The news of having a tumour was obviously a revelation, crippling my emotions, however, strangely some comfort was felt when tears unfamiliar to my face commenced pouring from my eyes. The significance of the photo is consistent with the continuing story to unfold in the time leading up to discovering I had Cancer, especially considering my attempts at discharging myself from the initial hospital due to the noise within the ward, and the fact of being locked out of the second hospital on the first night after meeting a friend for dinner. Also, the bizarre ambulance ride arranged to transport me to a specialist hospital adds a further dimension of uniqueness to my story. The ambulance ride entailed a nurse from my initial hospital using the driver and vehicle as a mode of transport to a different hospital to where I was needed to be delivered. Still not thinking about the seriousness of the circumstances facing me, I advised the ambulance driver I was happy to allow the nurse to accompany the journey. The circumstances almost lead to a crash, with the disbelief on the face of the ambulance driver an indicator of his shock when the nurse asked to be dropped at the hospital before my arrival at the other hospital. Admittedly, I shared the shock of the request, however, expressed my approval to the driver of agreeing to the request. I did say the circumstances were bizarre, and the second request lead to a chorus of shock from both the ambulance driver and I following the nurse asking us to either wait or to be collected from the hospital after she had finished dropping something to a colleague. No words were needed from me as the ambulance driver clearly advised the nurse a massive favour had already been completed, and she was in an ambulance, not a taxi catering to her needs.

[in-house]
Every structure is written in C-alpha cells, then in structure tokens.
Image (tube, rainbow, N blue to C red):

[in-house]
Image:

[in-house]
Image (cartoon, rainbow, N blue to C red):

Upon reflection the somewhat relaxed approach to certain circumstances with the inclusion of humour may have contributed to the position I am in today. Furthermore, the stories from above, particularly the odd inclusion of the nurse using the ambulance as a taxi bring a smile to my face at the journey faced over the past year. In saying this, I know the humour has not been shared by others around me, and the use of humour in appointments with medical staff when talking in a jovial manner about possibly cutting out some of my liver and where other incisions will be made were difficult for my mum to understand. Again, on reflection, further sensitivity to her needs should have been shown, however, the approach also demonstrated the self-belief in overcoming whatever was to be faced, and ultimately I feel this has placed those close around me in a position of greater confidence in my recovery. A position, important to me as it aligns with the emphasis placed on creating a positive narrative about myself and future situation.